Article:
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The lazy Irish c*nt with the swollen lip and his reptilian lawyer were also heard from (Yahoo News):

“I respect Lord Hall’s detailed findings and I am grateful to the BBC for their thorough and swift investigation into this very regrettable incident, against a background of intense media interest and speculation.

“I’ve worked on Top Gear for almost a decade, a programme I love.

“Over that time Jeremy and I had a positive and successful working relationship, making some landmark projects together. He is a unique talent and I am well aware that many will be sorry his involvement in the show should end in this way.”

    Statement from his lawyer Paul Daniels in full:

    “This last month has been a nightmare for Oisin, his friends and his family. Through absolutely no fault of his own he found himself at the centre of a massive news story, but despite that he has conducted himself with dignity, restraint and balance.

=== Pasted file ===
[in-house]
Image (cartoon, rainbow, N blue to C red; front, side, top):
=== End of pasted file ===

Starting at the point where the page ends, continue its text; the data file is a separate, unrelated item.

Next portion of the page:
“He now simply wishes to return to the job he loves at the BBC. He does not intend to make any further media comment and kindly asks that his privacy is respected.

    “More generally, this is an important reminder that UK law protects all staff who face bullying, discrimination or violence at work, and all employers are required to protect their staff from such behaviour.”

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Obviously, British television resembles the American education system more than it does Hollywood. Its top priority is preventing bullying or discrimination against the inactive, the Hibernian, and those incapable of defending themselves. In America, the talent, I expect, tends to get hot meals and lots of sucking up from the help.

Personally, I think justice would be done by having the American Fox Network dash in and sign up all three British hosts for a new, and more luxurious, version of an automotive program, combining fast car testing, humor, and political satire.